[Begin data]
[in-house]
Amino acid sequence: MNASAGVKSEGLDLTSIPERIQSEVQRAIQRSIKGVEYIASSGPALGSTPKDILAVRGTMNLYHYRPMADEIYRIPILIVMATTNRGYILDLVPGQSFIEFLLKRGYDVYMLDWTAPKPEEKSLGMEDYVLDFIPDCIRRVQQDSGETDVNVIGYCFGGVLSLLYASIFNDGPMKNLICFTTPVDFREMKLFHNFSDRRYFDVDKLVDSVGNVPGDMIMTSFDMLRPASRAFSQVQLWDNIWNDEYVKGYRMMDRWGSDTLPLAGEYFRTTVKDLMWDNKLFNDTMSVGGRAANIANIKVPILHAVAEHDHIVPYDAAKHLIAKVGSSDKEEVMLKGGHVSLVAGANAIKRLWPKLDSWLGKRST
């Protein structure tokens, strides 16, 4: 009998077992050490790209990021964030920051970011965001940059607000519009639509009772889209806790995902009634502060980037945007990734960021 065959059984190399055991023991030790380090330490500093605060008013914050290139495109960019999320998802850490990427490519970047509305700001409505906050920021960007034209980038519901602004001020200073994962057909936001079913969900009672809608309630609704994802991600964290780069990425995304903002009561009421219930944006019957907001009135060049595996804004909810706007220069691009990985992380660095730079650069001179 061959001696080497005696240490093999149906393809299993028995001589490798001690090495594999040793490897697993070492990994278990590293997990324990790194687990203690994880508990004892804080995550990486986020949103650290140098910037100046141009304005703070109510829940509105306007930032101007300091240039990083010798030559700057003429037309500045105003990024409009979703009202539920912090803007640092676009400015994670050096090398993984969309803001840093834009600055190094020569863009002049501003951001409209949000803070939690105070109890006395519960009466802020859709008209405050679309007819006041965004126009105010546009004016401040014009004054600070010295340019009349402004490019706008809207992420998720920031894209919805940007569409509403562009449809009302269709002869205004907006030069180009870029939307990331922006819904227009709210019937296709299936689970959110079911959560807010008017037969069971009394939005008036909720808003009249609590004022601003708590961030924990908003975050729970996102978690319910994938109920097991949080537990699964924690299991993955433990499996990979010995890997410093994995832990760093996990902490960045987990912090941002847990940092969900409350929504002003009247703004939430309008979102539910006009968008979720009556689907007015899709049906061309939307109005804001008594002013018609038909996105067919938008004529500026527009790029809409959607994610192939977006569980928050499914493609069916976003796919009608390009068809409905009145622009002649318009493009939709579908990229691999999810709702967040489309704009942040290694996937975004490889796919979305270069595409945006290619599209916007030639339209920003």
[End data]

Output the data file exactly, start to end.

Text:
[in-house]
Amino acid sequence: MNASAGVKSEGLDLTSIPERIQSEVQRAIQRSIKGVEYIASSGPALGSTPKDILAVRGTMNLYHYRPMADEIYRIPILIVMATTNRGYILDLVPGQSFIEFLLKRGYDVYMLDWTAPKPEEKSLGMEDYVLDFIPDCIRRVQQDSGETDVNVIGYCFGGVLSLLYASIFNDGPMKNLICFTTPVDFREMKLFHNFSDRRYFDVDKLVDSVGNVPGDMIMTSFDMLRPASRAFSQVQLWDNIWNDEYVKGYRMMDRWGSDTLPLAGEYFRTTVKDLMWDNKLFNDTMSVGGRAANIANIKVPILHAVAEHDHIVPYDAAKHLIAKVGSSDKEEVMLKGGHVSLVAGANAIKRLWPKLDSWLGKRST
């Protein structure tokens, strides 16, 4: 009998077992050490790209990021964030920051970011965001940059607000519009639509009772889209806790995902009634502060980037945007990734960021 065959059984190399055991023991030790380090330490500093605060008013914050290139495109960019999320998802850490990427490519970047509305700001409505906050920021960007034209980038519901602004001020200073994962057909936001079913969900009672809608309630609704994802991600964290780069990425995304903002009561009421219930944006019957907001009135060049595996804004909810706007220069691009990985992380660095730079650069001179 061959001696080497005696240490093999149906393809299993028995001589490798001690090495594999040793490897697993070492990994278990590293997990324990790194687990203690994880508990004892804080995550990486986020949103650290140098910037100046141009304005703070109510829940509105306007930032101007300091240039990083010798030559700057003429037309500045105003990024409009979703009202539920912090803007640092676009400015994670050096090398993984969309803001840093834009600055190094020569863009002049501003951001409209949000803070939690105070109890006395519960009466802020859709008209405050679309007819006041965004126009105010546009004016401040014009004054600070010295340019009349402004490019706008809207992420998720920031894209919805940007569409509403562009449809009302269709002869205004907006030069180009870029939307990331922006819904227009709210019937296709299936689970959110079911959560807010008017037969069971009394939005008036909720808003009249609590004022601003708590961030924990908003975050729970996102978690319910994938109920097991949080537990699964924690299991993955433990499996990979010995890997410093994995832990760093996990902490960045987990912090941002847990940092969900409350929504002003009247703004939430309008979102539910006009968008979720009556689907007015899709049906061309939307109005804001008594002013018609038909996105067919938008004529500026527009790029809409959607994610192939977006569980928050499914493609069916976003796919009608390009068809409905009145622009002649318009493009939709579908990229691999999810709702967040489309704009942040290694996937975004490889796919979305270069595409945006290619599209916007030639339209920003």